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Federal Circuit Patent Bulletin: e.Digital Corp. v. Futurewei Techs., Inc.

November 19, 2014

“[O]ur decision that collateral estoppel cannot apply to the construction of a claim in one patent based on a previous claim construction of an unrelated patent is not an invitation to assume the opposite is always justified.”

On November 19, 2014, in e.Digital Corp. v. Futurewei Techs., Inc., the U.S. Court of Appeals for the Federal Circuit (Moore,* O’Malley, Reyna) affirmed-in-part, reversed-in-part, and remanded the district court’s judgment that the defendants did not infringe U.S. Patents No. 5,491,774 and No. 5,839,108, which related to devices with a microphone and a removable, interchangeable flash memory recording medium that allows for audio recording and playback, and the ruling that e.Digital was collaterally estopped from seeking a claim construction different from that rendered by another court. The Federal Circuit stated:

Collateral estoppel applies if: (1) the issue necessarily decided in the previous proceeding is identical to the one which is sought to be relitigated; (2) the first proceeding ended with a final judgment on the merits; and (3) the party against which collateral estoppel is asserted was a party or in privity with a party at the first proceeding. On appeal, the parties only dispute whether construction of the sole memory limitation presents an identical issue.

We hold that the district court correctly applied collateral estoppel to the ’774 patent because reexamined claim 33 recites the sole memory limitation identical to claims 1 and 19, and because the ’774 patent reexamination never addressed that limitation or the presence of RAM. The reexamination instead focused exclusively on a limitation in claim 33 that is completely unrelated to the sole memory limitation. Though we do not hold that reexamination history cannot ever create a new issue that would preclude the application of collateral estoppel, such a scenario does not exist here because the reexamination history in no way modifies, clarifies, or even informs the construction of the sole memory limitation. Furthermore, though claim 33 adds a microprocessor not recited in claims 1 and 19, the Colorado Court already considered, at length, whether existence of a microprocessor required the presence of RAM, and decided that it did not. Thus, despite e.Digital’s arguments to the contrary, the addition of a microprocessor was expressly considered by the Colorado Court. Because reexamined claim 33 presents the identical claim construction inquiry as decided in the Colorado action, the district court properly applied collateral estoppel to the ’774 patent.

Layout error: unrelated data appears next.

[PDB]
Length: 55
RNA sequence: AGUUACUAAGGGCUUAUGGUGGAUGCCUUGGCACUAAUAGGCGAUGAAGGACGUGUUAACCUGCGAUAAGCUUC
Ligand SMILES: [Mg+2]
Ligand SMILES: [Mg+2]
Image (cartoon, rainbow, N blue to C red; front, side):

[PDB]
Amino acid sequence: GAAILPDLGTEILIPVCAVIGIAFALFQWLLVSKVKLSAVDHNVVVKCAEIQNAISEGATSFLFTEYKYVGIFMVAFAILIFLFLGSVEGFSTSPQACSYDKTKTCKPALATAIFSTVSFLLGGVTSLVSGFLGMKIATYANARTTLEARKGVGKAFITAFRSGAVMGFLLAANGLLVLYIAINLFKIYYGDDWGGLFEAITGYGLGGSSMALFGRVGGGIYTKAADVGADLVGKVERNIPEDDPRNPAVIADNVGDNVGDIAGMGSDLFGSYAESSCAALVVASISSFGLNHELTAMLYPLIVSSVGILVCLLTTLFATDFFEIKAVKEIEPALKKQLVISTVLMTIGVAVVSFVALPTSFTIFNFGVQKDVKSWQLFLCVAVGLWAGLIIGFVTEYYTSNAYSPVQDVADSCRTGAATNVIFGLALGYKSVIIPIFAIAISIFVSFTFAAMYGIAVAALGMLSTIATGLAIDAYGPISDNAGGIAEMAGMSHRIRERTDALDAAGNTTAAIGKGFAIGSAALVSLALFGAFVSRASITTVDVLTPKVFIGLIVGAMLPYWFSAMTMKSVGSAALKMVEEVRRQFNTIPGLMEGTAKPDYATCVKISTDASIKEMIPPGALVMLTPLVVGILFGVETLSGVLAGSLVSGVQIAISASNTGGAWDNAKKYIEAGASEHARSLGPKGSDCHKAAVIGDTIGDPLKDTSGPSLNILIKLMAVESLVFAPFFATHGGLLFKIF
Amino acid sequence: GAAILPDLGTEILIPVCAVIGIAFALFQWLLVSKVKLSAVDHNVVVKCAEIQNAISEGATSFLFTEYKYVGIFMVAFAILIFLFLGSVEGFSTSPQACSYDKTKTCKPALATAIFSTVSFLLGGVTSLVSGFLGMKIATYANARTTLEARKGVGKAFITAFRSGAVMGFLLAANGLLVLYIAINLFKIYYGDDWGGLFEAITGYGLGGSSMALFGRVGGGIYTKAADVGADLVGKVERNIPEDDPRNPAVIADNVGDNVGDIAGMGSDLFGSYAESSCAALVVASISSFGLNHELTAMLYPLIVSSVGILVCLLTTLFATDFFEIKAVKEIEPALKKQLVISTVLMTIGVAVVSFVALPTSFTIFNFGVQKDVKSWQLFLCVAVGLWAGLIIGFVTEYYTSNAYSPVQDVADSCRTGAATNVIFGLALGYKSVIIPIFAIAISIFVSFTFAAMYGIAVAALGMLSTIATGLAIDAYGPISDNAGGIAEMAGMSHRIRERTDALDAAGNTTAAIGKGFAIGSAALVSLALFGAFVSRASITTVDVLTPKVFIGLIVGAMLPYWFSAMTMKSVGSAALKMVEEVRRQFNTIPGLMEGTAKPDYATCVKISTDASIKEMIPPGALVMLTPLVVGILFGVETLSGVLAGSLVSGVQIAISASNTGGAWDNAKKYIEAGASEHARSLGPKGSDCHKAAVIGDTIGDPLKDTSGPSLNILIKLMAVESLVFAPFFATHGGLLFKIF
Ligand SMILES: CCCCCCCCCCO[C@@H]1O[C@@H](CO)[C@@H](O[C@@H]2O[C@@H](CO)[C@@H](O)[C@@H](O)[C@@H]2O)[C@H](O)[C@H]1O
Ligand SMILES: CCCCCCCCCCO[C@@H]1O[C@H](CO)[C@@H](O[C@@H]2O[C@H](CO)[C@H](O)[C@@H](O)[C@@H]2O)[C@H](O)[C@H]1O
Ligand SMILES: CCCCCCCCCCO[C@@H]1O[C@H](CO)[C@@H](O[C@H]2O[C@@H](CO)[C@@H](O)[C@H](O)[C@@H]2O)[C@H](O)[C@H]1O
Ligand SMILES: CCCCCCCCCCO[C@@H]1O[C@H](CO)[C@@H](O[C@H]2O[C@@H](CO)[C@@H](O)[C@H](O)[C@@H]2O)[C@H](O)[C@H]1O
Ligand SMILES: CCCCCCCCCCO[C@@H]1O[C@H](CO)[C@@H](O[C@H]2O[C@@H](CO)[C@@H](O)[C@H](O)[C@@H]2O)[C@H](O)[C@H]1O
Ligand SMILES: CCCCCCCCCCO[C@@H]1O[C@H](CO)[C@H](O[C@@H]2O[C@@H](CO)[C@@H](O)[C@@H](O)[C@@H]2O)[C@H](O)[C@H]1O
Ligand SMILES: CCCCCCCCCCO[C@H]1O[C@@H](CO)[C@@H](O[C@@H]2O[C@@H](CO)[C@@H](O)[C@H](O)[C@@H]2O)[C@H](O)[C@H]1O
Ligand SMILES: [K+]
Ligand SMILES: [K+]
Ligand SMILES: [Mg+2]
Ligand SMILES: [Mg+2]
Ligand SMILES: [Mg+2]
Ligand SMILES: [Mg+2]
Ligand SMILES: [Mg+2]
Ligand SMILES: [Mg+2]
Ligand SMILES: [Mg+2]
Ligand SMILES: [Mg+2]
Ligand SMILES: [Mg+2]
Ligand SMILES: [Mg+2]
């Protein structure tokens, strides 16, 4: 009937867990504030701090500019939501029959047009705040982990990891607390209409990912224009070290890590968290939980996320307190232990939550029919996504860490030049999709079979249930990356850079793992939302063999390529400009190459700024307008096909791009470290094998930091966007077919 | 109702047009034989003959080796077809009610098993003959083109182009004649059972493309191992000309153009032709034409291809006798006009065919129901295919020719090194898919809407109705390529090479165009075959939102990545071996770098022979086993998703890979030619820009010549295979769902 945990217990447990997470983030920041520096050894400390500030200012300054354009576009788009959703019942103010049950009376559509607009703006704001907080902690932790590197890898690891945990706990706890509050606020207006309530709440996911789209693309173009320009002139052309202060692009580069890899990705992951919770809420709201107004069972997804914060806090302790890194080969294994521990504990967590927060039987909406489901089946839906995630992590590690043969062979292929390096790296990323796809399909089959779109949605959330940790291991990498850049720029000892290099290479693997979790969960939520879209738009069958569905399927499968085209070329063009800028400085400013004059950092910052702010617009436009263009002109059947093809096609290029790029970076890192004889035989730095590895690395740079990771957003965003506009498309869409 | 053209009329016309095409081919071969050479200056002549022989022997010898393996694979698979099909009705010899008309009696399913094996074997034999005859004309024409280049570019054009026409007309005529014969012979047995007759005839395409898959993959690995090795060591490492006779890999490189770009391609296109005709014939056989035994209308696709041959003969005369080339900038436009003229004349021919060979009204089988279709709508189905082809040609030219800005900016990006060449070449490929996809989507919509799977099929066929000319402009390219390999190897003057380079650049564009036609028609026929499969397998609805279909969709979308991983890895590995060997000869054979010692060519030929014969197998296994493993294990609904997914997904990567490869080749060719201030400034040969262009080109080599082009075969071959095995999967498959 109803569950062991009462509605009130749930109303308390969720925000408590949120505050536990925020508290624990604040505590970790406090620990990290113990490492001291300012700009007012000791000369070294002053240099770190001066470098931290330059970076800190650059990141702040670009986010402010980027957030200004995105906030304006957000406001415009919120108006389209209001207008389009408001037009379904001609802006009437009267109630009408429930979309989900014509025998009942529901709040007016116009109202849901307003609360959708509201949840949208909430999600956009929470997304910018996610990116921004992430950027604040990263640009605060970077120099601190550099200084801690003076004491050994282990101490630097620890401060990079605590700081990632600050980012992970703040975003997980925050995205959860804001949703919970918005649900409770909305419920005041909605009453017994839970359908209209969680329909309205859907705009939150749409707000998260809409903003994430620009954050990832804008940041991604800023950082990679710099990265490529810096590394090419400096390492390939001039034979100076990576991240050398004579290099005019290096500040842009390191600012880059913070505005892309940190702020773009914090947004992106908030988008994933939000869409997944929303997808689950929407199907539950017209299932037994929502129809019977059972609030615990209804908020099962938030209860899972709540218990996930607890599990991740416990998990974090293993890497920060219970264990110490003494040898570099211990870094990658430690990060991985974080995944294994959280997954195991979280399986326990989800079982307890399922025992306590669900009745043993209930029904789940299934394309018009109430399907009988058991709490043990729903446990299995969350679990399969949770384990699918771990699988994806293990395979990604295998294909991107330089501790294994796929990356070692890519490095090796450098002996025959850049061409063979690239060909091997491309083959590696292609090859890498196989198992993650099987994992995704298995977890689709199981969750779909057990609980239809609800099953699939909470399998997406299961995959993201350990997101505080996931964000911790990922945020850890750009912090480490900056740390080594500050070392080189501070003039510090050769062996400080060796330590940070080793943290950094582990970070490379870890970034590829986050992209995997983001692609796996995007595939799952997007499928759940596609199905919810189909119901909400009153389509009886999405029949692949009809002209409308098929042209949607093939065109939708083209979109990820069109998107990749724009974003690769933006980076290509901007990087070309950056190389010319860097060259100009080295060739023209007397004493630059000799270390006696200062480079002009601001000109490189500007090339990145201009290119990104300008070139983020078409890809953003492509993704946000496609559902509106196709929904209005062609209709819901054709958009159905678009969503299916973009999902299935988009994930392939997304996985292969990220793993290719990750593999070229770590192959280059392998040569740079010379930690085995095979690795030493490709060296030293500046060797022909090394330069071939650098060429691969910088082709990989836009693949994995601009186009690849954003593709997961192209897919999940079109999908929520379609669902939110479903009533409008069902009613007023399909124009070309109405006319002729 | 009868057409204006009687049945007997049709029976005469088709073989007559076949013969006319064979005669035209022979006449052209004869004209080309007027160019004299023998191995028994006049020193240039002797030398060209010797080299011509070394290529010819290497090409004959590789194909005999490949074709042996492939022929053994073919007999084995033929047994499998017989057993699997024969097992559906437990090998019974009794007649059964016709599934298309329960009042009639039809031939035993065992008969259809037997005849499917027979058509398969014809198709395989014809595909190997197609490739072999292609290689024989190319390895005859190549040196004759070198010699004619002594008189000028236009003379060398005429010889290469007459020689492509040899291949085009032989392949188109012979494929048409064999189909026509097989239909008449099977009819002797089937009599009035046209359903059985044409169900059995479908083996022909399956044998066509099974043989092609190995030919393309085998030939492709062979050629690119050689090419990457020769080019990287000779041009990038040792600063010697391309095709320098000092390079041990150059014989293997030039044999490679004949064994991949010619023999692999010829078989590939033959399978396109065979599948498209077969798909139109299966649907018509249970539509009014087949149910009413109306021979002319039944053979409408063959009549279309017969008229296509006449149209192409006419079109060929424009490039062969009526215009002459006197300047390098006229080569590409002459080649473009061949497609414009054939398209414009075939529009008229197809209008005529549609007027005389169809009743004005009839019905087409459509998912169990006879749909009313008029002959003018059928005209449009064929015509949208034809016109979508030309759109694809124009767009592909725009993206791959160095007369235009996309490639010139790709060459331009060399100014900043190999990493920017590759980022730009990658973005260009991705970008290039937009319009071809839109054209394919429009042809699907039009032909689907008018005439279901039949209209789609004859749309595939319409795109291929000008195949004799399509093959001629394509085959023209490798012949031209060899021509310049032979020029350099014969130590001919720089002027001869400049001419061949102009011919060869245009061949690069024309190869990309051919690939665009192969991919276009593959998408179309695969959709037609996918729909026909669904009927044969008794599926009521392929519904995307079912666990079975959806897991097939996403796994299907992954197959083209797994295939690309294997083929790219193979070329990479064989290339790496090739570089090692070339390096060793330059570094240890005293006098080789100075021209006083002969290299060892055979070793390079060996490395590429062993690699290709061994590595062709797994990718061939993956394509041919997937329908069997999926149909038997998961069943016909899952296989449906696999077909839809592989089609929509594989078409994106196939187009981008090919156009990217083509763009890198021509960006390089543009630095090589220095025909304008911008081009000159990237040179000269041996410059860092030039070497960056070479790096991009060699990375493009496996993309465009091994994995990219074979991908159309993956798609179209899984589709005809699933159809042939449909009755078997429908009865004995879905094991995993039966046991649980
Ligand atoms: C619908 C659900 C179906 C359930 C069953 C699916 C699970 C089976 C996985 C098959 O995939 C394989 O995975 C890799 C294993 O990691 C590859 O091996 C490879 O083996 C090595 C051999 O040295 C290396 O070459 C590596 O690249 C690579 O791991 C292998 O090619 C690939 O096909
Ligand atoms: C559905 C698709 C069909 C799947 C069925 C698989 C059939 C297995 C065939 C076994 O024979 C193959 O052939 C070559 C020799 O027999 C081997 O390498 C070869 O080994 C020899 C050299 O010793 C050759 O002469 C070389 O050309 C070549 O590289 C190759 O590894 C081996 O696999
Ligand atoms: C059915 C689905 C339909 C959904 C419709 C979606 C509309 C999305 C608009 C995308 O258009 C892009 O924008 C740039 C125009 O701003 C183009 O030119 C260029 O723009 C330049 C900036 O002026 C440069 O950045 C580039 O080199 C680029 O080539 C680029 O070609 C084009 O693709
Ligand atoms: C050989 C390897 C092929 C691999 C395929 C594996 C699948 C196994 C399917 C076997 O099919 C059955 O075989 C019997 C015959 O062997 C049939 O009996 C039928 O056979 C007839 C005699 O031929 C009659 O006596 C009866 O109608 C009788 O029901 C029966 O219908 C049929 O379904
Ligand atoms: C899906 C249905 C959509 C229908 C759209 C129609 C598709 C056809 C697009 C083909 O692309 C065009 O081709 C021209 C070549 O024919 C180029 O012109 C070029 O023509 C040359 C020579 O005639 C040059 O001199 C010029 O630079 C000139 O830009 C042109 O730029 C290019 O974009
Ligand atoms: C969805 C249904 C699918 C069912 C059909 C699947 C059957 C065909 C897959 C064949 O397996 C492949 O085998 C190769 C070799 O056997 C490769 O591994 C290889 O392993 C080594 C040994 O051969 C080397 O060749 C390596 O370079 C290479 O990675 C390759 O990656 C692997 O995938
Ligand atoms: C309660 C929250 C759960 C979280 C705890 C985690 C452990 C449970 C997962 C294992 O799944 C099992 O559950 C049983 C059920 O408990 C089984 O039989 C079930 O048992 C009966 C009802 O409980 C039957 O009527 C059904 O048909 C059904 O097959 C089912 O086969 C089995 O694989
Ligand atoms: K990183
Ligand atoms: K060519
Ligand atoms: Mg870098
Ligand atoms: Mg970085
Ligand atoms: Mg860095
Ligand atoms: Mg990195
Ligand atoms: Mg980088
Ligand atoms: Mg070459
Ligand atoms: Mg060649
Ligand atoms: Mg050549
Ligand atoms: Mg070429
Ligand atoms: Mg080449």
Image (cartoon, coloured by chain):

The ’108 patent, on the other hand, presents a separate claim construction issue. The ’108 patent is not related to the ’774 patent, but does disclose a purported improvement to the ’774 patent. While the ’108 patent may incorporate by reference the ’774 patent as prior art, it does not change the fact that the patents are not related. The ’108 patent discloses a separate invention, includes a distinct prosecution history, and is supported by a different written description—including Figures 3 and 4 which clearly depict RAM. These distinctions reinforce the well-understood notion that claims of unrelated patents must be construed separately. Because the asserted patents are not related, the ’108 patent requires a new claim construction inquiry and the court therefore erred in applying collateral estoppel to the’108 patent.

To be clear, our decision that collateral estoppel cannot apply to the construction of a claim in one patent based on a previous claim construction of an unrelated patent is not an invitation to assume the opposite is always justified. That is, a court cannot impose collateral estoppel to bar a claim construction dispute solely because the patents are related. Each case requires a determination that each of the requirements for collateral estoppel are met, including that the issue previously decided is identical to the one sought to be litigated. A continuation­in-part, for instance, may disclose new matter that could materially impact the interpretation of a claim, and therefore require a new claim construction inquiry.